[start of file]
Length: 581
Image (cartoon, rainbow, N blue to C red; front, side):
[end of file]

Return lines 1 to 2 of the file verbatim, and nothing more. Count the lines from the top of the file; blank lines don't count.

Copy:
Length: 581
Image (cartoon, rainbow, N blue to C red; front, side):